Technical Chart: Dow, S&P, Nasdaq

The slaughterhouse in equity markets and riots in London are THE headlines of the week, because I know very little about riots (apart from the Los Angeles ones and some historical backing of Watts & Chicago) I’ll focus on the markets.

There are a few charts I want to use to back up the story, first of all is a chart showing the growth of the major US indices: Dow Jones Industrial Average, the S&P 500, and the NASDAQ (DJIA, GSPC, IXIC), when you look at them in terms of growth then you see there is an obviously close correlation in terms of the ups and downs of the market with the NASDAQ having come out of 2009 ahead of the others.

Which brings us to our next chart, looking at a trading range for the Dow and S&P (Which I have taken because they are more in tandem with each other.The two red lines represent broad momentum and trading ranges, where the red circle occurs is a pull-back from the time when they started to trade above range (of course there were economic and banking matters occurring too). Then it is back to being in a broad trading range again which makes the drop off on the right hand side somewhat worrying.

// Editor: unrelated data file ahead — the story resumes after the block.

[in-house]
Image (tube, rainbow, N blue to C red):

If stock markets return on average 8% a year then the fact that most of the indices effectively doubled since 2009 does not bode well for stocks. The 2009 low was probably an exaggerated bottom and for that reason it may not be as bad as it looks, but in a slow growth economy where earnings become harder to find it is difficult to make a case for growth. Bernanke’s plan is likely to put a floor on stock prices but it hasn’t worked to date, it did provide an adrenaline injection but that isn’t lasting. You get what you pay for, except for when it comes to stimulus!

The one thing that may change all of this will be strong earnings reports and if the likes of the S&P start to trade below 14 times earnings at which point everybody knows to jump back in, but with a current estimate of $74.99 that gives a valuation of 1,050 meaning we will see a stock market crash to get there: that is taking the 1,363 high (and more recent 1,353 from July) and knocking 20% off of it – which would bring us to 1,082 (and that is still a little over 14 times earnings [currently close to 18 times]).

Thus our call is that only upside earnings will reverse the move to 1,050 because under current fundamentals that is broadly the range we see it going to, thus in the near term shorting the S&P via a Short S&P ETF.

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